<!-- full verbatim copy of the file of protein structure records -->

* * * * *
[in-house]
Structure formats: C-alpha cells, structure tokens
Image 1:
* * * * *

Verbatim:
[in-house]
Structure formats: C-alpha cells, structure tokens
Image 1: